I was fortunate enough never to take statistics in college. Though I had a math minor in support of my engineering degree, I missed the statistics side of the course curricula. Thus I never had the intense pleasure of trying to calculate a standard deviation of a data set manually. Instead, I began to learn statistics when I was in industry, working in the environmental group for a chemical company, and I was trying to make sense of water sample data, monitoring a pollutant’s concentration. That concentration varied over several orders of magnitude, and it did not make sense to try to average the data.
I studied the available tools, and discovered probability paper. This graph paper was created prior to the development of easy computer calculation tools, and it provided a convenient way to plot the data. What was a curved line on standard graph paper that couldn’t be used for prediction, turned into a straight line on probability paper. The paper had one axis that used logarithms to handle multiple magnitudes on a single graph. This allowed me to predict that there was a significant chance of a really large release of a certain pollutant because it fit on the graph. I was learning about the predictive power of statistics.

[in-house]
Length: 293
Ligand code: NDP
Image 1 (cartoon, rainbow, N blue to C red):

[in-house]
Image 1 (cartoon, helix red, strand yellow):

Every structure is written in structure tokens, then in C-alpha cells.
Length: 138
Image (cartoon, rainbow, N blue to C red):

I was hooked. At my employer, there were extensive tools available on product quality measurement, and training on how to do designed experimentation. I became an avid user of the technology, and once computer tools were available to do the grunt calculation work, I became known for my own use of the technology. Later, I transferred this knowledge into working with groups using the Deming statistical and quality improvement methods. To this day, I am convinced that if my company had adopted Deming as its statistical guru instead of borrowing GE’s truncated version called Six Sigma, my company would have prospered and grown over the last two decades of my career instead of stagnating.
Supposedly it was Disraeli who first stated the “Lies, Damned Lies, and Statistics” quote. Yet to this day it remains the most memorable meme associated with statistics, and my guess is that not one in ten in the US has a working understanding of statistics. That is a shame, since a knowledge of statistics provides a key that unlocks understanding of many other concepts that are important to living in today’s society. During this past election season, we were exposed to statistics on a daily basis, with polling data driving the discussion. How many times did we hear about the margin of error of a poll? How many times did we accept the data at face value, and accept the poll results as the equivalent of the call of a horse race? “At the mile pole, Clinton is in the lead by 3 lengths”.
In reality, understanding measures of uncertainty requires a good bit of statistical knowledge. At its heart, a 2 person poll is a measure of two means, or averages. You are trying to determine whether the average level of support for candidate A differs in a statistically significant amount from that of candidate B. If there is a clear difference between the averages, then the poll result is said to be outside of the margin of error, and there is a clear leader.